UX isn’t about having a sexy look and feel, although a good aesthetic helps. Making a good product look great should be done last, after iterating on the need and then starting with something more abstract. In reality, and even Jesse admits it, teams tend to traverse between the different layers, depending on what they’re learning about the user and what would make the site better for them, and how best to hit the internal goals.

The problem of confusing the UI with UX is so prevalent, even people in the role of design are guilty of doing it, producing the visual design comp first. Working from the top-down and creating the pixel perfect design comp is similar to making a “hobo with a shotgun” (HWAS). This is one of the only examples I can find of a movie where the trailer was shot first. It’s expensive to do that. A trailer needs actors, a stage, equipment and other stuff that costs a lot. Most movies start with an outline and some wireframes, even before the script is generated. Have you ever heard of HWAS? It wasn’t really that good and people don’t like it. There’s a bit of a cult following, but that’s about it.

The pixel-perfect design comp usually lacks important things like a budget, team, or reasonable estimates for the effort involved. This shiny object cannot address the strategy, or all possible site flows. Instead, it has executives uselessly debating things like if there should be a hyphen between pre and season. Users wonder what’s happening with the product. A budget might not exist, but the pitch worked and the concept sold. This typically leads to making expensive decisions early that have to be stuck to. It results in death marches, and other Really Bad Stuff. Most users, like most people who saw HWAS, tend to not like the end result very much.

It’s usually a hired out design agency that produces the visual design first. It can also be an internal group, like User Research and Design. An internal group like this is sometimes called the “internal agency” model.

This agency model is justified through a desire for design consistency, brand protection and best utilizing this somewhat misunderstood skill set. People rationalize that having a center of excellence will make sure everything hits the design standard, vetted by all the different skill sets.

When things come back out of this center, if they do at all, they are highly polished with posters for the personas, mock-ups for the product. They are very hard to change and full of holes as it’s impossible to cover all the “what-if” scenarios in a mock-up.

Looking back at Jesse’s Elements, there are many roles represented, like visual design, user research and information architecture. Typically, one person will be great in a couple of these areas, but not in all of them. This necessitates many people coordinating their work together to fulfill everything needed. This is a strong case for the internal agency model. For those using this model, try letting UX people work on delivery teams to shorten lead-times, amplify learning and cross-train. To keep the design consistency, try communities of practice.

In a community of practice, people in a functional area like UX and their enthusiasts gather regularly to discuss and work together to keep functional consistency. The community may create and update the design library together, have brown bag lunch-and-learn sessions, have more formal training, and workshop sessions. It goes far beyond everyone who reports to the same boss getting together to talk about work, and decisions being passed down from the executive team.

Distributing User Experience onto delivery teams helps build a learning organization. This can only happen if there’s the time and skill for collaboration. In Senge’s shared vision process, it takes leadership capacity from the troops in order for co-creation to be effective. The trade-off is that it requires less direct input from the boss and allows management to level-up.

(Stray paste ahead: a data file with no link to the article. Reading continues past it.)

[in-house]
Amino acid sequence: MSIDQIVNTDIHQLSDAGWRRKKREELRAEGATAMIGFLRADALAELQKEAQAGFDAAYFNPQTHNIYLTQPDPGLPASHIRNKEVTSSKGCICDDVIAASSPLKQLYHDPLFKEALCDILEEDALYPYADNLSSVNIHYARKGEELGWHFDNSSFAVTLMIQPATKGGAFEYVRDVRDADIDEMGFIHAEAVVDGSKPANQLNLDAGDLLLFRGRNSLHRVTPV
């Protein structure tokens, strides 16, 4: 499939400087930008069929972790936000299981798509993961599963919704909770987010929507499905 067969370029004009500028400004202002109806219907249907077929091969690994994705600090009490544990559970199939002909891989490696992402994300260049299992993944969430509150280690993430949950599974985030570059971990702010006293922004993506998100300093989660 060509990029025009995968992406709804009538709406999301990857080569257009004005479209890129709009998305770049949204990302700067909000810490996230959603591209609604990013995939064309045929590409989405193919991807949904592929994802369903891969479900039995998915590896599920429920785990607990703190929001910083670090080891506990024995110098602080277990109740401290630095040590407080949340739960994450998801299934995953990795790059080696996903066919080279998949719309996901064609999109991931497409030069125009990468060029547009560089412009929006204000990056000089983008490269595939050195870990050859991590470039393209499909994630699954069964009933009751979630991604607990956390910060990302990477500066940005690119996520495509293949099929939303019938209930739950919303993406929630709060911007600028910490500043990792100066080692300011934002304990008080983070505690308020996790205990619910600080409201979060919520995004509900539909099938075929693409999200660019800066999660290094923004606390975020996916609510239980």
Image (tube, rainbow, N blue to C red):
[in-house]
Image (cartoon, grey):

Sharing the capacity means that every team can make decisions on what people need, the best experience for them and if it’s feasible to build it. User Experience collaborates with Product Management and Software Development in a co-creative model of shared leadership and picking up skills from each other to deliver the right product quickly.

User Experience is still a blend of all the things like visual design, interaction design, information architecture, and user research. Integrating UX into the team allows other team members to apply their expertise on areas of UX like performance, ADA compliance and micro-text; as well as gain new skills in areas like user interviewing and acceptance testing.

Forming a core team from Product Management, User Experience and Software Development makes UX a part of Product Ownership. Scrum goes better if all team members develop some mastery of Scrum, making it more than the ScrumMaster role. Scrum also goes better if the team feels ownership for the product in the market, making it more than the Product Owner role.

Together, the team explores the real options on what people want (to buy), the best experience for them, and what’s feasible to build. They work together to give these options value by using all the known practices out of Lean UX, design thinking, discovery and other tools that help validate that the right thing is getting built for the user.

About the Author

Aaron Sanders is an Agile Coach. Coaching people to enjoy working in collaborative, learning environments excites Aaron.  Especially in pursuit of building lovable products. People ask him to train, consult, mentor and facilitate teams to better use a set of Agile discovery and development concepts, tools, methods and practices. The whole set gets absorbed through interactive training, applied in context. And it usually takes more practice for it all to sink in. Coaching allows Aaron to sense an impactful situation, helping people to integrate the set of Agile concepts, tools, methods and practices that much faster. Aaron’s effectiveness results from experiences spanning over two decades in technological and interpersonal disciplines. For him, there’s always room for improvement. Pairing with others helps improve Aaron’s collaboration skills while increasing the customer’s benefit, so he consistently seeks out people to co-train and coach with.